The AfCFTA in a global Context
There are high expectations locally and internationally about the prospects of the African Continental Free Trade Area (AfCFTA). The benefits for integration and rules-based trade governance in Africa will depend on how this new regime will be implemented over time and how the Regional Economic Communities (RECs), which will continue to exist, will contribute to this process.
How could the AfCFTA serve as a platform for strategies to advance Africa’s prospects in a global context? How to do so? The AfCFTA is an African Union (AU) flagship project under Agenda 2063. Herein lies a connection with continental structures. Shared policy stances could be developed (as in the past) about new negotiations in the World Trade Organization (WTO), which will soon have its first Director General from an African member state. However, the WTO is a member driven organization, takes decisions based on consensus and has 164 Members. It has become very difficult to agree on new WTO agreements, despite an urgent need to do so in areas such as e-commerce, investment facilitation, the economic empowerment of women and the enhanced participation of smaller enterprises in international trade. There is a problem tough. Africa is committed to the Doha Development Agenda (DDA) and wants to see progress on that front before committing to discussions on new disciplines. In other quarters there is a different view; that the world has moved on since 2001 when the DDA was adopted. There are more urgent matters to be tackled now, according to this view. This amounts to an impasse.
And then there are serious obstacles to be addressed in how the WTO will deal with the fallout of COVID-19, trade in essential medicines and medical equipment, climate change and dispute settlement.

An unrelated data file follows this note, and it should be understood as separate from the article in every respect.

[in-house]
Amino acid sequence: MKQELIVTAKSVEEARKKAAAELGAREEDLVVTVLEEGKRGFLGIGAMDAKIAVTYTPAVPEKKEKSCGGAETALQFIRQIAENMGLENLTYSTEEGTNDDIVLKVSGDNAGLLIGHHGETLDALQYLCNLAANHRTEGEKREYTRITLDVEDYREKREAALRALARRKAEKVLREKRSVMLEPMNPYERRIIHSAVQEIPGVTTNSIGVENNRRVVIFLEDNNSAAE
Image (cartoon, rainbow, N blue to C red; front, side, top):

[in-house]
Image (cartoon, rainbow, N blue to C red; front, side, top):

US-China rivalry has resulted in serious disagreement about the adequacy of WTO rules about state aid and fair competition. The new US administration is expected to adopt different modalities for re-engaging allies and participating in international fora, but the tensions between Washington and Beijing run deep. It will not be business as before in Geneva. The WTO (and Africa) will not escape the fundament realignment issues which the world economy faces. To participate in these debates, the African leadership will have to develop adequate responses, while keeping an eye on China’s prominent presence in Africa. Beijing’s recent punitive measures against Australian exports of wine and coal show that it will not shy away from using its considerable political and economic muscle.
Is there now an opportunity to speak with a collective voice when engaging the European Union (EU), the United States (US), the United Kingdom (UK) and other partners such as China, India, and Japan? They are all prominent players in Africa and have plans for increasing and consolidating their presence on the continent. It will not, however, be easy to develop joint strategies on how to do so. Kenya’s decisions to start negotiations with the US on a bilateral trade deal and to conclude its own post-Brexit agreement with the UK, have met with considerable opposition. There is an application pending in the East African Community (EAC) Court of Justice to review the Kenyan decision on a bilateral trade deal with the US. The argument is that intra African integration and the rules of the EAC (which purports to be a Customs Union) will be undermined.